Almond Joy Magic Stout Recipe | Craft Beer & Brewing Magazine
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Almond Joy Magic Stout Recipe

This is a sweeter milk stout recipe that CBB staffer Libby Murphy has had fun experimenting with. Despite its name, there aren’t actual almonds in the recipe, but the flavor magically works itself into the mix.

Libby Murphy March 18, 2017

Almond Joy Magic Stout Recipe Primary Image

This is a sweeter milk stout recipe that CBB staffer Libby Murphy has had fun experimenting with. Despite its name, there aren’t actual almonds in the recipe, but the flavor magically works itself into the mix.

ALL-GRAIN

Brewhouse efficiency: 72%
OG: 1.050
FG: 1.008
IBUs: 13
ABV: 5.4%

MALT/GRAIN BILL

8 lb (3.6 kg) pale malt (UK)
1 lb (454 g) chocolate malt
8 oz (227 g) caramel malt (120L)
4 oz (113 g) Black Patent malt
4 oz (113 g) Victory malt

HOPS AND ADDITIONS SCHEDULE

1 oz (28 g) Fuggles [4.5% AA] at 60 minutes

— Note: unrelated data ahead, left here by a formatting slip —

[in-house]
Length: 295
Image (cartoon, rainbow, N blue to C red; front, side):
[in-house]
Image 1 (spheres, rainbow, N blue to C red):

1 lb (454 g) lactose at 60 minutes
4 oz (113 g) cacao nibs in secondary
1 lb (454 g) toasted coconut in secondary—or you can make a tincture with coconut (see Brewer’s Notes below)

YEAST

1 package White Labs WLP004 Irish Stout Yeast or WLP001 California Ale Yeast

DIRECTIONS

Mash at 154°F (68°C) for 60 minutes, sparge until desired clarity is achieved, then boil for 60 minutes, following the hops and additions schedule above.

Ferment for 2 weeks at the optimum temperature for your yeast, then rack into a secondary and add the cacao nibs. If you’re using toasted coconut, you can add it along with the cacao nibs. If you’d prefer the tincture, add that at bottling, following the instructions below. After 2−3 weeks in secondary, package.

BREWER’S NOTES

I prefer the bright, fresh flavor of a coconut tincture over toasted coconut, especially in such a sweet beer. Prepare it the same day you brew so it has plenty of time to soak up the flavors.

To make a tincture, pour 16 fl oz (473 ml) of rum or vodka (rum has some great spices) into a Mason jar, then add 8 oz (227 g) of no-sugar-added coconut flakes. Test the flavor every few days until it’s the desired strength, then strain the flakes through a cheesecloth, saving the vodka or rum in a clean jar (discard the flakes). When it’s time to package the beer and you’ve racked it to your bottling bucket, slowly add the tincture, stirring and tasting as you go, until you reach the desired result.

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Have you brewed this recipe? What did you think?